• Just not being good enough skill-wise: It’s one thing to crush the home games or micro limits but once you move up into the middle/higher limits, the games are completely different and you’re going to have to play against some tough regulars every day. There will be fish of course but they are few and far in between. Can you handle it? Do you have the discipline not to play and wait for the fish? Just because you win 20 big bets an hour for 2000 hands, doesn’t mean that you will win it after 30,000 hands! You need a big sample of hands to see if you are good enough, at least 200,000 with a good steady win rate of $60 an hour.
  • Tilt-prone: Tilt is a leak for many players. After playing for 6 days straight, 8 hours a day, it’s very easy to lose focus and lose all your profits and more in such a short amount of time. Pros know when to step out of a game if they feel they aren’t playing their best, even if they are winning but especially if they are losing.
  • Bad money management: Playing too high for the bankroll and not moving down when losing a significant portion of the bankroll. Or worse, having to pay your rent out of your poker bankroll. It is recommended that you have at least 25-35 buy-ins for the limit you intend to play for cash games.

At the end of the day, it’s important to be completely honest with yourself, as you need a plan to give yourself the best possible chance to succeed after all!

Here are some important questions to ask you when making such a plan:

  • Have I done an honest evaluation of my living expenses (including retirement and health insurance if you live in the US)? Recommended to have at least six months living expenses saved up which is separate from your bankroll.
  • Does anybody else rely on you to make money?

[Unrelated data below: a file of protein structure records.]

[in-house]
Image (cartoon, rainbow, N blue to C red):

• How much do I expect to withdraw and when (and contingencies should I don’t win as expected)?
  • How will I be viewed by friends and family or even by future potential employers?
  • If things don’t work out as planned, how long before I quit? What other job will I do to make ends meet?

Hope this article didn’t sound too negative, it was not my intention. I have many friends who have turned pro and are doing excellent for themselves and others who have quit or are contemplating quitting.

The ones that are winning regularly are glad that they turned pro.  The ones that tried and failed don’t have many regrets.

At the end of the day, anyone can turn pro in poker – if you have the right poker skills, the right attitude, a plan and a bit of luck, you stand a reasonable chance to succeed. Nothing or nobody should stand in the way of you achieving your dreams!

Cycle routes, Netherlands

Decisions, decisions

Good luck on your choice, hope you’re happy with it!

Alexandre Rotenberg

Alex is a keen poker player, writer and amateur photographer. Check out his photography website at www.arotenberg.photoshelter.com

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  • Ivan Y

    Best Advantage: Being your own boss! Waking up whenever.Worst Disadvantage: Downswings in poker… and telling non-poker players what you do.